· 

Talking Health with a Massage Therapist

by Robert Maxwell

When it comes to strength, fitness, and general health, there's a lot more to it then just lifting heavy weights. In fact, if that's all you do you'll likely have problems. Therapeutic massage might not be something you've thought much about. Up until recently, I was the same, but after having a conversation with my friend Melanie Blain, a retired massage therapist, I realize more than ever that there's more to optimal body function than imposing training stress. Read a transcript of our full conversation below.

 

Robert: First of all, thank you Mel for taking the time to talk with me. I think that you've got a lot of interesting and helpful knowledge that my readers will be able to benefit from, so I appreciate you taking the time. 

 

Melanie: Not a problem.

 

Robert: First question. You worked for, how long was it, as a registered massage therapist?

 

Melanie: Just about 10 years. 

 

Robert: Okay. What exactly is a registered massage therapist, and what sort of massage work did you specialize in? 

 

Melanie: Well, in order to be a massage therapist legally, a registered massage therapist, you have to go to schooling for a couple years. It's a two year program, and we go year round, not like regular college where you get summers off and March break. You have to meet certain criteria through the College of Massage Therapy, the CMTO, and then obviously your exams at the end to confirm not through the school that you went to, but to the CMTO, and you have to pass I believe with a 70% or 80% in order to obtain your license to be a registered massage therapist. Once you have that, then you have continuing education and everything, just like any other medical professional. 

What I did primarily was more of a therapeutic end and I really wasn't very good at the relaxation portion of the massage. I feel like everybody has your calling and you should go with it, so I did more therapeutic, help with injuries and rehabilitation and that type of stuff.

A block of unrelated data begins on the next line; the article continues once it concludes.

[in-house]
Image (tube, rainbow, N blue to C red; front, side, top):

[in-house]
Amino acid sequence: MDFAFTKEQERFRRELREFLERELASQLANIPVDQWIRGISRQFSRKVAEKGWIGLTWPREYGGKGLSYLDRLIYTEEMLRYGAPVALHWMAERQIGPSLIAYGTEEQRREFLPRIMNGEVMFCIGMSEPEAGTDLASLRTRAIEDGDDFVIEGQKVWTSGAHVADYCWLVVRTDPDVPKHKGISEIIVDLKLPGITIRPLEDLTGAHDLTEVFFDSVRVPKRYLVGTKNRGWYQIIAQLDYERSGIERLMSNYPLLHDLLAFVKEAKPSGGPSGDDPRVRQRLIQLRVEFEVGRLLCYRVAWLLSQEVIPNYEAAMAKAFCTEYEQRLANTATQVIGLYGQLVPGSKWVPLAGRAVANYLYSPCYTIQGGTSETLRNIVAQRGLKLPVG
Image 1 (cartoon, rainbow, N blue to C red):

Robert: It's interesting that you used the term, "Medical professional." I think that a lot of regular people who don't understand what's involved in becoming a registered massage therapist might not realize that it is, in fact, a medical profession in a way. 

 

Melanie: Yeah, we are legally considered medical professionals. That would be our title. 

 

Robert: Yeah, and with that, I'm sure, comes a lot of helpful knowledge, vital knowledge, really to do what you do in helping people recover. And that's something I don't think a lot of people realize. I think you think of massage professional being some muscly tanned guy on the beach where you walk into a grass hut for half an hour, but there's a whole lot more to it than that, isn't there?

 

Melanie: Oh, absolutely. People are usually very surprised, especially ones that have never had massage and finally decide for whatever reason to come in and get an issue dealt with. A lot of people are very surprised by what's actually involved in the recovery, the results they see from massages. Most people, like you said, think of relaxation, spa, whatever and not the therapeutic end of it as much. 

 

Robert: Speaking of that difference, the therapeutic versus the regular sort of relaxation massage that most people think of when they think of a massage, what are the main differences between those two? And how would that apply to a regular person looking for a relaxation massage, versus something more therapeutic that a serious athlete or weightlifter could benefit from? 

 

Melanie: Well, the big thing about being registered, is that most insurance companies cover your massages, if you have Green Shield, or whatever various insurance companies are out there. If you're registered, it's because you have the training and the knowledge to do a therapeutic massage, if you go through the schooling. That being said, not all people who go through schooling and have the registration really focus on the therapeutic end of the massage, but we're all trained the same way, or generally. I mean, from school to school there's slight variations, obviously. 

 

But the difference between relaxation massage is that you could probably fall asleep during it, it's nice and calm and relaxing. And you might feel good for the immediate after-effects of the massage, but long-term, if you have an ongoing back problem or a shoulder problem or a neck problem, you're probably not going to see any results as far as it getting any better from a relaxation massage. Therapeutic massage, on the other hand, has to be a little bit more uncomfortable. You're not going to be able to nap through it. You have to trust that you have a good therapist, find a good therapist. If you're not comfortable with the one you have, by all means, don't book another appointment, and try a couple ...